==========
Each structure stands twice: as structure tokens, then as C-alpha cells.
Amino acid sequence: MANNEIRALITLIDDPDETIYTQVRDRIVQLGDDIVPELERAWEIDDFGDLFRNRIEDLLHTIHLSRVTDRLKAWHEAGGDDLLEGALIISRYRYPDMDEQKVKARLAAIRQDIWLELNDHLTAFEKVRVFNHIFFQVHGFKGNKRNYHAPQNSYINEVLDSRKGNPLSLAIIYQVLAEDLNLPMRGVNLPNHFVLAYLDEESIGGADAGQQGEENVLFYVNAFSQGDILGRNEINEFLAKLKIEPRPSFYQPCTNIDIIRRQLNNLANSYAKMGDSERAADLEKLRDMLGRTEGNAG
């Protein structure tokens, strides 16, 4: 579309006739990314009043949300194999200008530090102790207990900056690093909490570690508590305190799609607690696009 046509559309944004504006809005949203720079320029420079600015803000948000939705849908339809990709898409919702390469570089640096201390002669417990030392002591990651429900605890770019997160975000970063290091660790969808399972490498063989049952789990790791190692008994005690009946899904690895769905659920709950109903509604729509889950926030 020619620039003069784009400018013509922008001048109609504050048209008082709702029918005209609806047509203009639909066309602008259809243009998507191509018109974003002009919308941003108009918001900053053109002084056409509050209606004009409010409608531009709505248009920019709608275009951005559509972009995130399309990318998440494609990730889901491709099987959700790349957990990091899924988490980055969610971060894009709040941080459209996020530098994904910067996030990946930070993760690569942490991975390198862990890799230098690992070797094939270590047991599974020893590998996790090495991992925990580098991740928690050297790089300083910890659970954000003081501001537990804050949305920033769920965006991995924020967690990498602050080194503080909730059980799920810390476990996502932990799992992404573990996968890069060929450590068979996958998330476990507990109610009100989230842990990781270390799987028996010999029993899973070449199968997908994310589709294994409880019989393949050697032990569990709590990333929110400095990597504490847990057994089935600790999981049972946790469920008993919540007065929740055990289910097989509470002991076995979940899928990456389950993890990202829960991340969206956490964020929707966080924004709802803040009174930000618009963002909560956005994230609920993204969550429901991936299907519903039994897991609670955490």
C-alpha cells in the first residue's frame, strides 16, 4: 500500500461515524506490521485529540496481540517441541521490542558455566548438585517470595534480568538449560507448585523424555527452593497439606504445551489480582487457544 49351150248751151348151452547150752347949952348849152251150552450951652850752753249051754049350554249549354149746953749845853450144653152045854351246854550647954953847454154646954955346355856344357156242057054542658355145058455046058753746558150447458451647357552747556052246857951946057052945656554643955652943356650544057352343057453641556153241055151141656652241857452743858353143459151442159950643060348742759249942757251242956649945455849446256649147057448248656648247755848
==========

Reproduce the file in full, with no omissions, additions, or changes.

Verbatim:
Each structure stands twice: as structure tokens, then as C-alpha cells.
Amino acid sequence: MANNEIRALITLIDDPDETIYTQVRDRIVQLGDDIVPELERAWEIDDFGDLFRNRIEDLLHTIHLSRVTDRLKAWHEAGGDDLLEGALIISRYRYPDMDEQKVKARLAAIRQDIWLELNDHLTAFEKVRVFNHIFFQVHGFKGNKRNYHAPQNSYINEVLDSRKGNPLSLAIIYQVLAEDLNLPMRGVNLPNHFVLAYLDEESIGGADAGQQGEENVLFYVNAFSQGDILGRNEINEFLAKLKIEPRPSFYQPCTNIDIIRRQLNNLANSYAKMGDSERAADLEKLRDMLGRTEGNAG
């Protein structure tokens, strides 16, 4: 579309006739990314009043949300194999200008530090102790207990900056690093909490570690508590305190799609607690696009 046509559309944004504006809005949203720079320029420079600015803000948000939705849908339809990709898409919702390469570089640096201390002669417990030392002591990651429900605890770019997160975000970063290091660790969808399972490498063989049952789990790791190692008994005690009946899904690895769905659920709950109903509604729509889950926030 020619620039003069784009400018013509922008001048109609504050048209008082709702029918005209609806047509203009639909066309602008259809243009998507191509018109974003002009919308941003108009918001900053053109002084056409509050209606004009409010409608531009709505248009920019709608275009951005559509972009995130399309990318998440494609990730889901491709099987959700790349957990990091899924988490980055969610971060894009709040941080459209996020530098994904910067996030990946930070993760690569942490991975390198862990890799230098690992070797094939270590047991599974020893590998996790090495991992925990580098991740928690050297790089300083910890659970954000003081501001537990804050949305920033769920965006991995924020967690990498602050080194503080909730059980799920810390476990996502932990799992992404573990996968890069060929450590068979996958998330476990507990109610009100989230842990990781270390799987028996010999029993899973070449199968997908994310589709294994409880019989393949050697032990569990709590990333929110400095990597504490847990057994089935600790999981049972946790469920008993919540007065929740055990289910097989509470002991076995979940899928990456389950993890990202829960991340969206956490964020929707966080924004709802803040009174930000618009963002909560956005994230609920993204969550429901991936299907519903039994897991609670955490």
C-alpha cells in the first residue's frame, strides 16, 4: 500500500461515524506490521485529540496481540517441541521490542558455566548438585517470595534480568538449560507448585523424555527452593497439606504445551489480582487457544 49351150248751151348151452547150752347949952348849152251150552450951652850752753249051754049350554249549354149746953749845853450144653152045854351246854550647954953847454154646954955346355856344357156242057054542658355145058455046058753746558150447458451647357552747556052246857951946057052945656554643955652943356650544057352343057453641556153241055151141656652241857452743858353143459151442159950643060348742759249942757251242956649945455849446256649147057448248656648247755848